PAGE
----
Three years of GDPR: the biggest fines so far

It’s been three years since the introduction of Europe’s data privacy and security law on 25 May 2018.

GDPR governs the way organisations that operate within the EU can use, process and store consumers’ personal data.

At first smaller firms and start-ups feared they did not have adequate resources to fully comply with its rules.

Other critics suggested the legislation relied too much on consumers knowing and understanding their rights.

Since its launch, hundreds of millions of euros worth of fines have been handed out by information commissioners around Europe.

Offences have included retailers misrepresenting the way they use CCTV cameras to monitor employees, and companies not complying with the “right to be forgotten” law.

The legislation replaced older data protection laws, and while it was drafted in Europe, regulators can fine organisations anywhere in the world which target or collect data in the EU.

There are two tiers of penalties, with a maximum of 20m euros (£17.29m) or 4% of global revenue.

The money collected is used to fund public services. Here are the biggest fines recorded so far:

1. Google (€50m/£43.2m)

Google was one of the first companies to be hit by a substantial GDPR fine of €50m in 2019.

It was fined after a French regulator ruled that the company had failed to make its consumer data processing statements easily accessible to its users.

The tech giant was also found guilty of not seeking the consent of its users to harness their data for targeted advertising campaigns.

Google appealed, but France’s higher court upheld the fine in June last year.

2. H&M (€35.3m/£32.1m)

H&M was fined by German regulators in 2020 after it was found to have been secretly monitoring hundreds of its employees.

If workers took holiday or sick leave, they were required to attend a meeting with senior staff at the retail giant on their return.

These meetings were recorded, and made accessible to H&M managers without the knowledge of staff.

The data collected from the interviews was used to make a “detailed profile” of workers, which then influenced decisions concerning their employment.

3. Tim – Telecom Italia (€27.8m/£24m)

In early 2020, the Italian data protection authorities issued a mammoth €27.8m fine to telecoms firm Tim, formerly known as Telecom Italia.

The fine was levied after a large number of complaints about unwanted promotional calls. Garante, the regulator, said it had received hundreds of complaints from January 2017 to early 2019.

It said customers were getting nuisance calls without having given their consent – even if they had registered their telephone numbers on Italy’s “do not call” list or explicitly told callers they were revoking consent for such calls. One person was reportedly called 155 times in a single month.

The violations were several and serious, the regulator found, issuing the large fine and 20 “corrective measures” for the firm.

4. British Airways (£20m)

British Airways was fined in 2020 after users of its website were directed to a fraudulent site.

Through the data breach, hackers were able to harvest the personal data of about 400,000 people.

The leaked data included login and travel booking details, names, addresses and credit card information.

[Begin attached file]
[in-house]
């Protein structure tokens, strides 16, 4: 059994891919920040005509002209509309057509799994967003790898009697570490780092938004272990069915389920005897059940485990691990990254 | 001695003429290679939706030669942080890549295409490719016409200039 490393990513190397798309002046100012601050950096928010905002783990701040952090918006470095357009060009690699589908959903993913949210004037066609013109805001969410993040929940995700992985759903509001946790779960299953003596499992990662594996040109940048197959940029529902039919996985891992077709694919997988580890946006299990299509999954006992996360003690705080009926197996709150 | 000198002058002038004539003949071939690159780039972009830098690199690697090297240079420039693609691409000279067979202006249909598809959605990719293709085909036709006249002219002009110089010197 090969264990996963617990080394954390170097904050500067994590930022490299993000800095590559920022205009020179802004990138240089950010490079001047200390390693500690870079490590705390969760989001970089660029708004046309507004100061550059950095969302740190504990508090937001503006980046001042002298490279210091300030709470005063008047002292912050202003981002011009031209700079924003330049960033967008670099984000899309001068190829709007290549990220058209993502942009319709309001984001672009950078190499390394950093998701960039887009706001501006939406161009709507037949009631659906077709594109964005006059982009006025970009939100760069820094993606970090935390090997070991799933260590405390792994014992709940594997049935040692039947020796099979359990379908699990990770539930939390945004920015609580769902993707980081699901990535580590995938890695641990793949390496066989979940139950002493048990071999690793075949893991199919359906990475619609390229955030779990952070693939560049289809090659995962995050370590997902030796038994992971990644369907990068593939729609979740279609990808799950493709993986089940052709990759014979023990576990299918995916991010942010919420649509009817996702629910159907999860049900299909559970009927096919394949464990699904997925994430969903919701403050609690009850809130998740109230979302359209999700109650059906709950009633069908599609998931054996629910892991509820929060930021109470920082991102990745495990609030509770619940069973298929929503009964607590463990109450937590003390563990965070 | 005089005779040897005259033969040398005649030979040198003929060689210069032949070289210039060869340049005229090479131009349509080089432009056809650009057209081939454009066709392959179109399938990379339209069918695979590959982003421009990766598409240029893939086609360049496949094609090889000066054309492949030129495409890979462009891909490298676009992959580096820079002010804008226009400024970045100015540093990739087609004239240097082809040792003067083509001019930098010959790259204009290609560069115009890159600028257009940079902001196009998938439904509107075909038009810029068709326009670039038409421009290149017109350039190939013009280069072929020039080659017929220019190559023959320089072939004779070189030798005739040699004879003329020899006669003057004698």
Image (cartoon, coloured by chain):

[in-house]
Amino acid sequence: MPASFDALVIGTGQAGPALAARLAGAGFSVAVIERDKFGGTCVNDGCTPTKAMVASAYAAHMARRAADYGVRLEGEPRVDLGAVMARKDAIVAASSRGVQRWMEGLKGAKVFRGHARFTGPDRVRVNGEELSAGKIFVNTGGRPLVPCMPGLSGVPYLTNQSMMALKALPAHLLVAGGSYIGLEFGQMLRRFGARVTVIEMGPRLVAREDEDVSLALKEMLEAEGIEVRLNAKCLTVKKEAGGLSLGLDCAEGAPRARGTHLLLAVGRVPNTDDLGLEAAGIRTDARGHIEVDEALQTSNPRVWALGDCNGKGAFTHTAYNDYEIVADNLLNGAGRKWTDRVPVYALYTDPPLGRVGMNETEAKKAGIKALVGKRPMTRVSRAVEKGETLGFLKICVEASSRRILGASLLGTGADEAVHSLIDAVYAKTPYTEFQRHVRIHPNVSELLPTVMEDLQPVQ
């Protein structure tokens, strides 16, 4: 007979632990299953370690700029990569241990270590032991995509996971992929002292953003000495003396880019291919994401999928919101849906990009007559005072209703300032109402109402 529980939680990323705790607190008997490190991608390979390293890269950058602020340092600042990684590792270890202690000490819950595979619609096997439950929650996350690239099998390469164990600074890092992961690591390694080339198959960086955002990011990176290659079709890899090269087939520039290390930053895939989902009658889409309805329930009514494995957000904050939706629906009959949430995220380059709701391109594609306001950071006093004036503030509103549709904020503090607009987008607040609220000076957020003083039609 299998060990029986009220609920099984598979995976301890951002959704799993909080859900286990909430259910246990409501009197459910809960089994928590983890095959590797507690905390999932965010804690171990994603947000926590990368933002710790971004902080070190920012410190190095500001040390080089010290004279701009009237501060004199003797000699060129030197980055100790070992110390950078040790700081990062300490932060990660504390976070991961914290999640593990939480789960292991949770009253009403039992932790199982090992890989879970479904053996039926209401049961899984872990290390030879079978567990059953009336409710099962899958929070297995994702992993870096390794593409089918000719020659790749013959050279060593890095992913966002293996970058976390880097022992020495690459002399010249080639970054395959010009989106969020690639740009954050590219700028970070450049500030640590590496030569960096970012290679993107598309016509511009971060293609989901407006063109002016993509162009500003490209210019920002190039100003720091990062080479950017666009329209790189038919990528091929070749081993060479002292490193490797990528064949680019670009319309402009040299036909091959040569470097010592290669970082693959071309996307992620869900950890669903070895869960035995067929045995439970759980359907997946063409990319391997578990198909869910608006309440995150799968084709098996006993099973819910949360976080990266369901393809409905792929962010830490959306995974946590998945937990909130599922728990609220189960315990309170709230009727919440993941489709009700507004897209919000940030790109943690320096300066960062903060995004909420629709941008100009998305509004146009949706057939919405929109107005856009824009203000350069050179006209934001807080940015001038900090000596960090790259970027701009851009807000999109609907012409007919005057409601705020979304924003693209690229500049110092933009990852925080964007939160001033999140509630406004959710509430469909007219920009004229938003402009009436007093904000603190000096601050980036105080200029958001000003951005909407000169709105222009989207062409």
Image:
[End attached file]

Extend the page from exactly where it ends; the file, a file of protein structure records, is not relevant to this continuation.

Initially, the Information Commissioner’s Office (ICO) said it planned to fine BA £183.4m – which would have been the largest fine issued under GDPR.

But more than a year later, it dramatically lowered the fine, saying “the economic impact of Covid-19” had been taken into account.

It was still the highest fine issued by the ICO, which found that the hack was the result of British Airways’ negligence.

BA said it had let customers know as soon as it became aware of the problem, had fully co-operated with the investigation, and that it had “made considerable improvements to the security of our systems since the attack”.

5. Marriott International Hotels (£18.4m)

British hotel chain Marriott International was fined in 2020 in relation to a hack dating back to 2014, but not uncovered until four years later.

The hack exposed the personal details of about 300 million customers including credit card information, passport numbers and dates of birth. Seven million of those guest records related to people in the UK.

Similar to the British Airways fine, the ICO initially said it planned to issue a much higher fine of £99m – but lowered the amount later.

Where does GDPR money go?

In the UK, all penalties handed out by the ICO are paid into a central government fund which belongs to the Treasury.

The Consolidated Fund is the government’s general bank account at the Bank of England.

It was established in 1787 with the purpose of being “one fund into which shall flow every stream of public revenue and from which shall come the supply of every service”.

This means that just like tax revenue, GDPR fines are used to fund public services.

The majority of other countries in the EU use a similar structure.

Rob Elliss, from tech company Thales, says that despite success so far in handing out substantial fines, GDPR will face more challenges in a post-Covid world.

“When GDPR was first drafted, the legislation did not necessarily account for the adoption of new technologies and rapid migration to the cloud brought on by the pandemic,” he said.

“In this remote working era, businesses needed to digitally transform almost overnight just to keep the lights on, without necessarily incorporating security in the design of new systems and processes.”



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